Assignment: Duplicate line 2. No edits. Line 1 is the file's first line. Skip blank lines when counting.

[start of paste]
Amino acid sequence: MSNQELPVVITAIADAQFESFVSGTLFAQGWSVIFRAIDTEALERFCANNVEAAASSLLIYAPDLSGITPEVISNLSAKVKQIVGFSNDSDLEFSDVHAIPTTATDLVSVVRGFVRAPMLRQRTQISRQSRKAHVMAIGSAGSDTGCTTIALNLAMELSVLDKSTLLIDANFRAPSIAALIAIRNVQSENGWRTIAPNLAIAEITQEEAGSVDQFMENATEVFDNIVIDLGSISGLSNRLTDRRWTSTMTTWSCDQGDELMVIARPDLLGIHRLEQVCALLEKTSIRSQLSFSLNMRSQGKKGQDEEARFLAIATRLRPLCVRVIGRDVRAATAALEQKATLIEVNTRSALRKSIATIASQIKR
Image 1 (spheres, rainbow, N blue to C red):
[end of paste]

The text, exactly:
Image 1 (spheres, rainbow, N blue to C red):